Home Living in Germany Cultural Integration The 7 rules of German birthdays
Last update on 17/07/2023
Vanessa Van Doren Written by Vanessa Van Doren

Your birthday is when it’s all about you – unless you live in Germany. Celebrate in style with these German birthday traditions.

As a newcomer to Germany, you might be surprised to find out how people ‘honour’ your birthday. No-one will mention your birthday beforehand. You may be forced to do housekeeping chores. You’ll be expected to buy your own birthday cake to share with everyone.

What exactly can you expect when it’s your birthday in Germany?

1. No one mentions your birthday in advance

One cultural quirk about birthdays in Germany is that mentioning them before the date is bad luck. If your German friends are nice enough to give you a birthday present, don’t open it until the actual day – or at least don’t tell them you opened it before your birthday.

A group of friends toasting with beer

If you’re sending someone a gift, make sure to write ‘GEBURTSTAG‘ in all-caps, so they don’t inadvertently open it a few days early and bring unknown horrors upon themselves.

2. You buy your own cake

Given how silent everyone is pre-birthday, you may be tempted to drift right through the day unnoticed. Particularly if you’re at work, things will get awkward around the early afternoon when everyone expects a cake and you don’t deliver. In Germany, this custom is einen ausgeben.

A black forest cake

If your coworker drops by to wish you ‘Alles Gute zum Geburtstag‘ (all the best for your birthday), the jig is up. You’re going to need to get that cake. Sprint out the door to the nearest bakery, buy the first Schwarzwälder Kirschtorte (black forest cherry cake) you see, and throw it on the office coffee table before anyone catches on.

3. You organize (and pay for) your own party

There are pros and cons to this one. Cons: Party planning is annoying and buying food and drink for all your friends is a lot of money. And it’s meant to be your birthday! Aren’t people supposed to be celebrating you? On the positive side, you get to have total control over what you do on your birthday and who celebrates with you – no random people invited.

4. Your celebration seems to personally offend everyone

Get used to that prickly ‘I’m-being-watched’ feeling because more often than not, your German neighbor/fellow tram passenger/coworker is expressionlessly, dispassionately observing your every move. It’s such a startling thing for most outsiders that the German Der Spiegel, one of the largest publications in Europe, wrote a whole article about the phenomenon.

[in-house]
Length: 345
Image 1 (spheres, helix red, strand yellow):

So if you’re having a party for your birthday, don’t let the ocular pat-down worry you. That’s just how they do it in Germany.

5. Beware if you’re single and turning 30

As a last-ditch attempt to save you from unmarried oldster-dom, your friends will have you do some very public (and possibly drunken) chores to let all the other singletons know you’re skilled and available. Get ready to advertise your housekeeping.

A broom lying on a pavement in Germany

If you’re a guy, your friends will find a messy staircase for you to sweep. Women must clean doorknobs with a toothbrush. When potential soulmates cruise by, they’ll get to admire the goods and evaluate your housekeeping skills all at once. You can also reduce your chores for the price of a few kisses.

6. If you’re a kid, you get a break

Kids get to enjoy some much-needed R&R on their birthdays. They don’t have any chores or homework on that day, so they’re free to chill out and catch up on some reading.

For German kids, the birthday candles don’t go on their cake. Instead, each child has a fancy wooden wreath holding a candle for each year up to age 12 (plus one in the middle for good luck). This wreath sits on the family’s dining room table on the child’s birthday.

7. Have an awesome time

German beer, cake, no homework and friends you can trick into making out with you? Sounds pretty fantastic. As the 94-year-old man who busted out of a German hospital to head to a beer hall on his Geburtstag could tell you, Germans are serious about birthdays.